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CAMHS Community Eating Disorder Service (East London)

The East London Community Eating Disorders Service for Children and Young People (CEDS-CYP) is a specialist CAMHS service for young people up to the age of 18 who are experiencing an eating disorder.

It is part of the Child and Adolescent Mental Health Service (CAMHS) and covers Newham, Tower Hamlets and City & Hackney.


Emmanuel Miller Centre
11 Gill Street
E14 8HQ
United Kingdom

Opening hours
09:00 - 17:00
Monday - Friday
Telephone number
0208 215 5270

Further Service Information

The service offers high-quality, evidence-based assessment and treatment for children, young people and their families. It is staffed by a multi-disciplinary team consisting of:

  • Dietician: Offers advice about food choices and lifestyle
  • Consultant Psychiatrist: A senior doctor who has overall responsibility for your care
  • Therapists: Talk to you to help make sense of your difficulties and develop positive skills
  • Family Therapists: Offers your family a supportive space to talk about their experience
  • Paediatrician: A type of doctor who specialises in the health and wellbeing of young people.

Counting Calories - Our Stories 

Eating Disorders - We Want Answers!

Introducing the East London Community Eating Disorders Service for Children and Young People. This is a specialist service of East London NHS Foundation Trust for young people up to the age of 18 who are experiencing an eating disorder.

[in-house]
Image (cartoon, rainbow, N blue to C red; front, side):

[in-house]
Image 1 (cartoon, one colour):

Professional Referrals

New referrals will be received via borough-based CAMHS teams in Newham, Tower Hamlets and City & Hackney and passed on to the CEDS-CYP. Referrals can be made by GPs, healthcare professionals, schools and colleges. 


We accept self-referrals from young people, parents and carers. If you would like to speak to us about referring yourself or your child please call us on 02074262556

Anorexia Nervosa (AN)

Someone with anorexia nervosa worries all the time about food, eating, body weight or body shape. Behaviours such as eating very little or over-exercising can lead to them losing a lot of weight.

Bulimia Nervosa (BN)

Someone with bulimia nervosa also worries a lot about body weight and body shape. They alternate between eating next to nothing, and then having binges when they over-eat and feel out of control. They may vomit or take laxatives to control their weight.

Binge Eating Disorder (BED)

Someone with binge eating disorder has frequent episodes of binge eating, often feeling out of control of how much they’re eating, and feeling uncomfortably full or ashamed.

Eating Disorder Not Otherwise Specified (EDNOS)

This is when someone has considerable difficulty and distress around eating. Some but not all of the features of AN, BN or BED are present.

  • Rapid response to referrals (within 15 days)
  • Multi-disciplinary specialist assessments
  • High quality, evidence-based interventions including Cognitive Behavioural Therapy (CBT) and Family Therapy (FT)
  • Consultation, support and advice to other professionals working with children and young people.
  • Training in the delivery of early intervention treatment for mild and emerging eating difficulties.



B-eat Youthline: 0845 634 7650